Coccinia cordifolia(Bengali :Kundri)

Botanical Name: Coccinia cordifolia
Family: Cucurbitaceae
Genus: Coccinia
Species: C. grandis
Kingdom: Plantae
Order: Cucurbitales

Synonyms: Coccinia grandis, Cephalandra indica and Coccinia indica

Common Names:Ivy gourd,Baby watermelon,Little gourd, Gentleman’s toes, Tindora, Ivy gourd,Gentleman’s toes  and Gherkin,
Bengali Name :Kundri or Tela kochu
Sanskrit Name: Bimbi, Uthundika, Bimbitika, Rakthaphala, Ostopamphala, Pilulparni.
English Name:Ivy gourd
Kannada Name:Tonde
Hindi Name: Kanduri, Kulari, Kundru

Habitat : Coccinia cordifolia is native to Tropical Asia To Africa.It grows on light (sandy), medium (loamy) and heavy (clay) soils and prefers well-drained soil. Suitable pH: acid, neutral and basic (alkaline) soils. It cannot grow in the shade. It prefers moist soil.

Description:
Coccinia cordifolia is a large, glabrous, deciduous climbing shrub. The stems are rather succulent with long filiform fleshy aerial roots from the branches. The bark is grey-brown and warty; the leaves are membranous and cordate; the flowers, small, yellow or greenish yellow, in axillary and terminal racemes or racemose panicles; the male flowers clustered and females usually solitary; the drupes are ovoid, glossy, succulent, red and pea-sized; the seeds curved. ...CLICK & SEE THE PICTURES

Edible Uses:
In India it is eaten as a curry, by deep-frying it along with spices; stuffing it with masala and sauteing it, or boiling it first in a pressure cooker and then frying it. It is also used in sambar, a vegetable and lentil-based soup.

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There are a variety of recipes from all over the world that list ivy gourd as the main ingredient. It is often compared to bitter melon. The fruit is commonly eaten in Indian cuisine. People of Indonesia and other southeast Asian countries also consume the fruit and leaves. In Thai cuisine it is one of the ingredients of the Kaeng khae curry. Cultivation of ivy gourd in home gardens has been encouraged in Thailand due to it being a good source of several micronutrients, including vitamins A and C.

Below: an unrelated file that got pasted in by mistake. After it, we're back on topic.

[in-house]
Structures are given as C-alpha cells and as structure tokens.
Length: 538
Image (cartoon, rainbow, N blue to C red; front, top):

Constituents:
Tinsporine, tinosporide, tinosporaside, cordifolide, cordifol, heptacosanol, clerodane furano diterpene, diterpenoid furanolactone tinosporidine, columbin, and ß-sitosterol.

Medicinal Uses:
In traditional medicine, fruits have been used to treat leprosy, fever, asthma, bronchitis and jaundice. The fruit possesses mast cell stabilizing, anti-anaphylactic and antihistaminic potential.  In Bangladesh, the roots are used to treat osteoarthritis and joint pain. A paste made of leaves is applied to the skin to treat scabies.

Ivy gourd extracts and other forms of the plant can be purchased online and in health food stores. It is claimed that these products help regulate blood sugar levels. There is some research to support that compounds in the plant inhibit the enzyme glucose-6-phosphatase. Glucose-6-phosphatase is one of the key liver enzymes involved in regulating sugar metabolism. Therefore, ivy gourd is sometimes recommended for diabetic patients. Although these claims have not been supported, there currently is a fair amount of research focused on the medicinal properties of this plant focusing on its use as an antioxidant, anti-hypoglycemic agent, immune system modulator, etc. Some countries in Asia like Thailand prepare traditional tonic like drinks for medicinal purposes.

The leaves are rubbed on skin diseases  like  eximas,sorasis  etc  to get releaf.

Disclaimer : The information presented herein is intended for educational purposes only. Individual results may vary, and before using any supplement, it is always advisable to consult with your own health care provider.

Resources:
http://en.wikipedia.org/wiki/Coccinia_grandis
http://www.pfaf.org/user/Plant.aspx?LatinName=Coccinia+grandis
http://parisaramahiti.kar.nic.in/Medicinal_plants_new/med%20plants/p62.html

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  1. Pingback: Ivy gourd stir fry

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